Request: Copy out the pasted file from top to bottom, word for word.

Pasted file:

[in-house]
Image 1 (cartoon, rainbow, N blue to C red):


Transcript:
[in-house]
Image 1 (cartoon, rainbow, N blue to C red):